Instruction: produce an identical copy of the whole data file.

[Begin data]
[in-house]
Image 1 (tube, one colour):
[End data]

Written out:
[in-house]
Image 1 (tube, one colour):